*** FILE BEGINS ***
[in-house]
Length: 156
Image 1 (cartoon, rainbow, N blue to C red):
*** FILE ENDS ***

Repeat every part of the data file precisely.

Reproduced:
[in-house]
Length: 156
Image 1 (cartoon, rainbow, N blue to C red):